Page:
Littell's Living Age/Volume 128/Issue 1659/Memories

For works with similar titles, see Memories.


"When the gray twilight softly spreads
Her robe o'er earth and sky;
When the far mountains' shaggy heads
Are lost to human eye;

When the tired bird at eve hath sought
Sleep in the tuneless bower;
When the last bee wings homeward, fraught
With forage from the flower;

When the dark pinewood dimly shews
Its deepening tints of green;
When in the west with crimson glows
The sunset's closing scene —

I watch the glimmering shadows kiss
The threshold of the night,
And o'er my heart a soothing bliss
Falls in the waning light;

And grosser thoughts that sternly cling
To life's dull sober day.
Leave me, as swallows on the wing
Flit from our sight away.

And soft as ripple on the lake,
Within my bosom rise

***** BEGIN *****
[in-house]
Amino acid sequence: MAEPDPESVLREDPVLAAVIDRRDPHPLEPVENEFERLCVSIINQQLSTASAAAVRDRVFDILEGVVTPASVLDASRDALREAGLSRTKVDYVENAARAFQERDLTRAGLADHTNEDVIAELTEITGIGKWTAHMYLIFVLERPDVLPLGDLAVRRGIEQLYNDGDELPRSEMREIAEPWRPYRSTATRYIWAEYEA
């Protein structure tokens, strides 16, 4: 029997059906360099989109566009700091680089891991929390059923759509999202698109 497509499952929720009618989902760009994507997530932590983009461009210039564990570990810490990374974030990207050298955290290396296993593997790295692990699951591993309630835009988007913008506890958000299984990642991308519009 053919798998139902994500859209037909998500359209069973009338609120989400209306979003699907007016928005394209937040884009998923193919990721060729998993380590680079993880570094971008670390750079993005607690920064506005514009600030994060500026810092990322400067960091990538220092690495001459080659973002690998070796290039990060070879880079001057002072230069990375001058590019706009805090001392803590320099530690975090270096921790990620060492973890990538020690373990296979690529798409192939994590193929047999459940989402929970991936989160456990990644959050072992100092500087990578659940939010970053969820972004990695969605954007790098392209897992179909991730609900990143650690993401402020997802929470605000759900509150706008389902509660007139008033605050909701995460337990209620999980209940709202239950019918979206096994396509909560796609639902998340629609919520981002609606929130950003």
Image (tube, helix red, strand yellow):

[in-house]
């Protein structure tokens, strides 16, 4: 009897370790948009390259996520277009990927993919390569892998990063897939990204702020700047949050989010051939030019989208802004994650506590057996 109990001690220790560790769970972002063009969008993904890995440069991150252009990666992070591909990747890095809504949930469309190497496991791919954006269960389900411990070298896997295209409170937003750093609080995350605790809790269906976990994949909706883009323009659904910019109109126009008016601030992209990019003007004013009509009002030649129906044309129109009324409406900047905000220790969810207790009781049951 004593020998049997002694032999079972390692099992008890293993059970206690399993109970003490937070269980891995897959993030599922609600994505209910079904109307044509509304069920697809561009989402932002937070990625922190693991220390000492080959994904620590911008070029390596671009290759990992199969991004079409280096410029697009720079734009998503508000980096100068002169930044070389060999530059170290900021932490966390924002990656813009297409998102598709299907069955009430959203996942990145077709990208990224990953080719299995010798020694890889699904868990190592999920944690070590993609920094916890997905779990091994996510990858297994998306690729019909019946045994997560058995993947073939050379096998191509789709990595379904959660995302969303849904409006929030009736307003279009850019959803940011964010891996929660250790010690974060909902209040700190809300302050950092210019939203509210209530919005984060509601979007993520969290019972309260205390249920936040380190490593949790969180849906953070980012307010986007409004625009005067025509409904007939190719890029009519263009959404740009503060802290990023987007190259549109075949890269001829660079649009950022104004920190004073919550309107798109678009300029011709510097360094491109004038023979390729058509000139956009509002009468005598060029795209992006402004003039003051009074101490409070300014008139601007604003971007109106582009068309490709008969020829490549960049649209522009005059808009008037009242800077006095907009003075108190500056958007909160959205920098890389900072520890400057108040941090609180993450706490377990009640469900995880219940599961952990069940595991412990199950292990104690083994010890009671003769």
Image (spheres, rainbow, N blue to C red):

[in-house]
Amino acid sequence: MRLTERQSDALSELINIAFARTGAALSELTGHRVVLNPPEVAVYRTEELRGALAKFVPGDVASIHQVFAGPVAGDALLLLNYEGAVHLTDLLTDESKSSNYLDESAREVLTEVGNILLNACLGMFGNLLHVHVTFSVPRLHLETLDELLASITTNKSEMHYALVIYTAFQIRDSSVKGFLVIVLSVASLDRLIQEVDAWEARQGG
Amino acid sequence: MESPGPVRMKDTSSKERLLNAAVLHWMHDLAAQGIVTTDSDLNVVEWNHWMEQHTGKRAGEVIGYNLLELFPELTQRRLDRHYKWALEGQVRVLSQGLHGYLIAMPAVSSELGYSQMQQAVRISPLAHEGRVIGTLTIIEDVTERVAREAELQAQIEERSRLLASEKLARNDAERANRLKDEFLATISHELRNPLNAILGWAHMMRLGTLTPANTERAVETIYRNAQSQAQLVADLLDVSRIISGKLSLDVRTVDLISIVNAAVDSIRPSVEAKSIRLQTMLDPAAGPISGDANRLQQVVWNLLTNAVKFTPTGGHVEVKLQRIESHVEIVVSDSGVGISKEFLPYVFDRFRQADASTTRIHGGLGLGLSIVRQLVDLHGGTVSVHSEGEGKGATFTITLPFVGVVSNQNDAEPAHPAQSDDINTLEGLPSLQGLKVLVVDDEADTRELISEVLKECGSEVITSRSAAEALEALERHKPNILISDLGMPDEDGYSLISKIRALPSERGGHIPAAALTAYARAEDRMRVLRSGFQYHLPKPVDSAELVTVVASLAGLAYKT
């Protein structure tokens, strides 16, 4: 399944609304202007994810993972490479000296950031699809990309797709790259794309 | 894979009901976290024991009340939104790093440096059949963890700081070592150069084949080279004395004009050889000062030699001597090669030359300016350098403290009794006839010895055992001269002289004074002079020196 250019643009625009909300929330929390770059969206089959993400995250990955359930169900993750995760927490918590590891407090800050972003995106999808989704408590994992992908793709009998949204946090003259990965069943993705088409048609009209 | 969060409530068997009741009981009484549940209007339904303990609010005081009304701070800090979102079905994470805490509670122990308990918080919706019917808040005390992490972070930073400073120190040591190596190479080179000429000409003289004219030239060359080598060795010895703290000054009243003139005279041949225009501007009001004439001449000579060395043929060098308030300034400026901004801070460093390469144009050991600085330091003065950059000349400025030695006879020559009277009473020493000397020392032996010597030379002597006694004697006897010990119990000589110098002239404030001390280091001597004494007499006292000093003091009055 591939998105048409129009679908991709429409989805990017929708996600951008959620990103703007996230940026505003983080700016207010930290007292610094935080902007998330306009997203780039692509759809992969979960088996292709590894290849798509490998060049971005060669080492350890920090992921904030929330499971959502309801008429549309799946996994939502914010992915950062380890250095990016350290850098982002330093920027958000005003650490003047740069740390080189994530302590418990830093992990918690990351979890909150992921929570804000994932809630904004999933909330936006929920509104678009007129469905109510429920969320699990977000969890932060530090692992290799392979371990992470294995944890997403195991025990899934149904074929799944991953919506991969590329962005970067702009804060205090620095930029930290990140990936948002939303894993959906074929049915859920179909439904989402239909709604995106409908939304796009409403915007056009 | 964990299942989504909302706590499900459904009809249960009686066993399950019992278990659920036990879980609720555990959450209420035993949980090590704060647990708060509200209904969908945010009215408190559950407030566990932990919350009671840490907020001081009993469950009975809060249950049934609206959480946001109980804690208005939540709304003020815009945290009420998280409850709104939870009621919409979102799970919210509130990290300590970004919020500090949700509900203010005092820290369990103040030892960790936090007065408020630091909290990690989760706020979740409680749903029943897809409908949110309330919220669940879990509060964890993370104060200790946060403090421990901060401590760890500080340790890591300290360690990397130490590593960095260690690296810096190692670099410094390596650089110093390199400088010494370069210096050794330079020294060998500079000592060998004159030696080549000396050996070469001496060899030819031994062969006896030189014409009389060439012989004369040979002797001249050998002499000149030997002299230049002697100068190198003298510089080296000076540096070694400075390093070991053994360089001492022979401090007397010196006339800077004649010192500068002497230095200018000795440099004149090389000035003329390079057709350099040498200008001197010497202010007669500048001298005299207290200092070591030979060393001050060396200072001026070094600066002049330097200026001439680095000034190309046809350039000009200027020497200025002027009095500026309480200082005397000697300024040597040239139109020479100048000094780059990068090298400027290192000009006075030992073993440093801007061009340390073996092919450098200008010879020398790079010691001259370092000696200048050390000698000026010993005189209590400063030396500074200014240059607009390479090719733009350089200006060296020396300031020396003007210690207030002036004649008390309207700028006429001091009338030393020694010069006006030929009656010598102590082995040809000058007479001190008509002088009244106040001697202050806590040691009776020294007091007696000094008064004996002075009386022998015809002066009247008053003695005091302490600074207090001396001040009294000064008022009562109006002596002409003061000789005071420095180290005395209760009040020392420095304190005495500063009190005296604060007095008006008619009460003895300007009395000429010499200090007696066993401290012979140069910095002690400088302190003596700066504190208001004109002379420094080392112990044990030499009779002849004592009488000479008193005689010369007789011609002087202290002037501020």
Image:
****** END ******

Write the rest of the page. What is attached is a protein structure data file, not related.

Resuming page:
Half-whispered yearnings, that awake
A thousand memories —

Sweet memories, that only come
To woo my waking dreams.
When twilight shrouds the woodlands dumb,
And slumbers on the streams —

Of faces that I loved of yore,
And songs the loved ones sang,
And children's voices — heard no more —
That through the greenwood rang.

O spirit treasures, ye are mine,
And to my heart belong,
Yet linger not till I repine,
Or sing a sadder song;

But leave me while I still have power
To catch the sunny glow
Wafted from memory's blissful bower —
The shrine of long ago.

Chambers' Journal.